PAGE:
Ultimately, if this game is the end of the Magic’s season this year, we have to wonder what the fate of the Magic will be. People have harped upon the Hedo-Vince swap, but let’s be honest: Hedo sucked this year for the Raptors, and it’s hard to imagine him being any quicker playing for the Magic. It was the right move: not only to acquire Vince, but also to acquire Ryan Anderson, a player who should and perhaps will get more burn in Boston. It’s difficult to see how the Magic get better. Who on this team will advance? Point guard instincts are inherited more than made, I think, and so it’s difficult to see Nelson working on those. It rests upon Howard, who must devote himself to rolling hard to the rim on every play. We’ve seen what he’s capable of in Game 2, and so you have to ask Howard: why can’t you do this more frequently? He’ll always be limited in the low post against the Kendrick Perkins of the world—the big-assed will win the battles in the post, as Moses Malone and Charles Barkley can tell you—but that’s no reason not to exploit his other, equally tremendous gifts on offense. This Magic can be a title team yet, if they want it.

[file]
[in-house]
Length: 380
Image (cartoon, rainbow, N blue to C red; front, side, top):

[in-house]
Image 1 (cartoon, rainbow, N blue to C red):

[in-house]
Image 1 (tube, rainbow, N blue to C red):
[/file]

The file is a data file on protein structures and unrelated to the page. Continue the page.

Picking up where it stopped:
The other note here is to deplore the officiating. It was notably awful for a league that seems to set new lows every season. The announcers declared five calls or so wrong on the spot, and I’d say three or four beyond those were pretty bad also. Consistency was a problem: witness the differing treatment of slips by Rondo, or the differing treatment a post-foul temper tantrum Vince Carter and Kendrick Perkins received. The defining moment of the officiating in this game was at halftime, where official Joe De Rosa tried to throw out a fan for giving him lip (and threw a ball at him). The referees are bad and hate being reminded of this fact. It’s a thankless job and officials should realize this by now.